This instructable shows how to build a simple mod for any Land Rover (or car) to give me somewhere to store a service record or any other useful documents.
(My little notebook that I used to use as a service record kept getting wet/ scribbled in/ lost) hence the need for permanant storage)

The dash storage device is made from a USB memory stick and a dead external hard drive case

Step 1: You Will Need...

You will need a USB memory stick - the one I used was a promotional freebee with a massive 128Mb of storage
And a old external hard drive case (The drive shown here is one I dropped 6' onto my garage floor - it stopped working!)

Just the usual electronics tools

Step 2: Salvage Components

You will need the USB socket from the hard drive case - this is a type B socket which allows you to use a A-B USB cable, very common for printers and scanners. I usea a mini-blowtorch to unsolder the USB socket as my soldering iron would not put out enough heat to desolder the larger areas of metal.

You will need to extract the circuit board from the USB stick and remove the USB plug. It is very easy to break the pads off when desoldering (I did) so it might be better to cut the pins from the back of the plug before desoldering

Step 3: Make Some Wings

The USB socket needs some wings to allow it to be riveted to the faceplate.

The wings are formed from pieces of copper broken off from a slating repair strap

1) Carefully prise the casing from the socket
2) Solder the two tabs on the sides using a powerful soldering iron
3) reassemble the case on the socket

I did have to add a couple of blobs of solder after reassembly as I found that the case of the socket was being pushed apart when I inserted a plug

Step 4: Make the Faceplate

The faceplate is made from the casing of the external drive case

It is 60mm square and has a 13mm hole in the centre (I made the large hole using a router - but a drill will do)
It has a 4mm hole at each corner and a 4mm hole for a rivet 12.5mm either side of the central hole

1)  mark out the positions of the holes
2) Centre punch
3) Drill
4) Cut out square using a hacksaw
5) File the sides smooth
6) cut off corners
7) drill the tabs on the USB socket and rivet to the faceplate

Step 5: Assemble

I used hot melt glue to hold the LED in place and also to mount the memory stick on the USB socket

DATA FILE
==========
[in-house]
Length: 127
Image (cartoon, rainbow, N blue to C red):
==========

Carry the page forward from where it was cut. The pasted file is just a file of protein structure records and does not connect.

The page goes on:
When wiring the USB socket I plugged in an A-B usb lead and used a continuity tester to work out which pins on the B socket connected to which pins on the A plug.

I then wired the pins on the back of the USB socket to the pads on the USB sick using fine copper wire wire (The type with a insulating coating which burns off when you solder)

Step 6: Mount in Dashboard

Here comes the point of no return!

Hold the faceplate backwards on the dashboard and mark the position of the four mounting holes
draw two diaganols between these to find the centre.

Drill tiny holes at the corners for self tapping screws
and one big (in this case 40mm) hole in the centre to pass the innards through


Step 7: Finished

Now you have a USB enabled car and can store your service record on a spreadsheet

Use a A-B type cable to hook up a laptop

(That is my 6 month old son fighting for control of the camera)
. Great idea, nice job, and a good Ible. A few too many pronouns, but I could usually make out what &quot;this&quot; meant.<br> <br> .&nbsp; Some suggestions for future versions: Encase the electronics in RTV or other water-proofing material. Add a flap over the USB connector for dirt-proofing.<br> .&nbsp; Or just put the USB stick on a small chain and anchor the other end of the chain inside the glove box or other storage area. ;)<br>
Thanks.<br><br>A chain in the glove box would be simpler!<br>I was going to waterproof with a piece of plastic pipe round the electronics but the recess in which I fitted it was dry.<br><br>Peter
&gt; A chain in the glove box would be simpler!<br> .&nbsp; Yeah, but it's not as cool as having it built-in. Now I need to find a place to mount one in my car; that spot next to the cigarette lighter in the console looks promising.<br>
Check out the new and improved wording! (English is not my forte)

About This Instructable




Bio: I am Married to Beth, I am an Architect and have four wonderful children
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